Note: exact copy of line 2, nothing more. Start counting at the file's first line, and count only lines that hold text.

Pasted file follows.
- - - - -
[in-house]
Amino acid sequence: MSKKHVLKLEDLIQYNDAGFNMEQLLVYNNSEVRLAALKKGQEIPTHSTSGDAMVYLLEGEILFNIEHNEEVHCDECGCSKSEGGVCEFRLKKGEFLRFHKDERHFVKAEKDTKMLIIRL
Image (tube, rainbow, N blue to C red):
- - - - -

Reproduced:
Amino acid sequence: MSKKHVLKLEDLIQYNDAGFNMEQLLVYNNSEVRLAALKKGQEIPTHSTSGDAMVYLLEGEILFNIEHNEEVHCDECGCSKSEGGVCEFRLKKGEFLRFHKDERHFVKAEKDTKMLIIRL